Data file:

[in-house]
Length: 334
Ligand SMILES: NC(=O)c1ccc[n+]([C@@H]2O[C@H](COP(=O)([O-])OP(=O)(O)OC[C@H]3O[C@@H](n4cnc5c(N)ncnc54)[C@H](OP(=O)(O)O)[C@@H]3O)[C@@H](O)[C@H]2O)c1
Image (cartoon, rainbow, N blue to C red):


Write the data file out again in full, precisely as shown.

[in-house]
Length: 334
Ligand SMILES: NC(=O)c1ccc[n+]([C@@H]2O[C@H](COP(=O)([O-])OP(=O)(O)OC[C@H]3O[C@@H](n4cnc5c(N)ncnc54)[C@H](OP(=O)(O)O)[C@@H]3O)[C@@H](O)[C@H]2O)c1
Image (cartoon, rainbow, N blue to C red):